Major changes are afoot in national health care policy and, as our recent HERO Think Tank in San Antonio attested, employer-led health and well-being is also in a transformative era. Happily, the “voice of the employee” we deliberated about is being met with much more enthusiasm and consensus than the ACA replacement bills. So these HERO briefs feature our Think Tank Proceedings and, fittingly, come to you on the Ides of March. As Thornton Wilder depicted in his novel of the same name, this date marked a time of great upheaval in 44 BC. Wilder wrote fluently about the personalities that led to the rise of the Roman Empire and his book was described as a “text so rich that it requires exploration rather than reading.”
I won’t promise our Proceedings reach this literary height but I can say those in attendance at Think Tank were earnest explorers who, to a person, are contributing to the wondrous rise of our profession. These Proceedings offer background on the personalities who started our conversations, Webinar links to the Panels and presentation PowerPoints. Those who missed our time in Texas can get a taste of the richness of the event and those who came should read on to fortify their explorations.
The Ides of March are also a historical reference to the lunar origins of the Roman calendar. Where the Ides at that time were referring to a full moon, tonight you’ll see a waxing gibbous moon. As always, these briefs bring you readings to keep you current and reminders of HERO events and other learning events ahead for your calendar. Our profession is enjoying a waxing time of visibility and productivity indeed. To be the change you want to see in the world, keep connecting, contributing and learning and read on.
Webinar: Why Doing Good is Good for Employee Health
Tuesday, April 4, at 12:00 PM CST
What is the most powerful well-being intervention known to mankind? If, as our speakers for this webinar propose, it is 100 hours per year of volunteer work, how should this finding be applied to the work of health promotion? How integrated are your corporate volunteerism policies and programs with your health and well-being initiatives? Many offer incentives for being fit, should we do the same for being happy and good to others? Is there a business case for practicing loving-kindness?
Join Dr. Stephen Post and Points of Light Institute’s CEO Tracy Hoover as we explore whether those who give of their time and talent receive more well-being in return than available via any other intervention. Your webinar hosts, Drs. Sara Johnson and Paul Terry will cheerfully volunteer their time to affirm your questions and show gratitude for your comments. Register here.
HERO Summer Research Think Tank Meeting (members only event)
June 6-7, 2017 – Bloomington, MN
We will be exploring “Systemic Approaches to Advancing Mental and Emotional Well-being.”
June 6th Mental Well-being Think Tank is open to all HERO members. Register Here.
June 7th is for HERO member researchers and guests who are focused on advancing a research agenda for HERO and the health promotion field.
HealthFitness University Summit
April 4 – 5, Emory University
HERO’s Jessica Grossmeier will join HealthFitness where she will share new data on colleges and universities that align with HERO Scorecard results. Other presentations will cover insights and best practices as well as a guided tour of Emory’s Blomeyer Health Fitness Center and overview of their program. Register here.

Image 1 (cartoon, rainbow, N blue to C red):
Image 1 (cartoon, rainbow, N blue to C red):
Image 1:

HEROForum17 – “Engagement and the Emerging Workforce.”
September 12-14, 2017 – Phoenix, AZ
In keeping with HERO’s reputation as host of a learning experience that is practical and thought-provoking as well as agenda-setting for our field, we will be offering an eclectic number of conference tracks with learning objectives that advance our theme and address other timely issues in health and well-being: diversity and workforce engagement; measures that matter; skills, motivation, autonomy; sustainability; and well-being. And, you’ll be hard pressed to find a more beautiful setting for connecting with others who share your passion for improving health. Registration opens Mach 31.
Harvard School of Public Health’s SHINE Summit
Harvard School of Public Health’s SHINE Summit is a corporate sustainability, health and social innovation event for business leaders.
Creating a Positive Future is this year’s summit theme: exploring innovative ways for companies to improve, measure and report on social well-being and environmental health throughout the organization, community and supply chain.
Registration is now open for this year’s summit, June 13-14, followed June 15-16 by a Forum on Worker Well-being in Supply Chains. Both events will take place on the Harvard campus in Cambridge.
Building a More Resilient Workforce Training
Thursday, March 16, at 1:00 PM EDT
The Johnson & Johnson Human Performance Institute (J&J HPI) invites you to discover a new training approach to building resiliency in the workplace.
Join Jim Loehr, Co-Founder of the J&J HPI and other experts for a complimentary webinar where they will discuss why resilience is more important than ever. Register today.
Proceedings (1 of 3) from HERO’s 2017 Winter Think Tank on The Employee Experience.
On February 23-24, HERO members gathered in San Antonio, Texas for our Winter Think Tank on the topic of “The Employee Experience.” While many industries are well known for their deep reliance on the voice of their consumers, employee health and well-being initiatives have arguably been oriented toward a business case responsive to the needs of the employer. Does the movement “from wellness to well-being” signal a shift away from costly employee risks to the organizational value added if we better tap employee assets, needs, and diversity? To address these questions and serve as conversation starters for our Think Tank members, our subject matter experts introduced key concepts and approaches to measuring and applying “voice of the customer” to organizational change and ongoing product and process improvements. To learn how they encouraged us to think about how we would leverage the voice of the employee as our “customer” for health and well-being initiatives, Read On.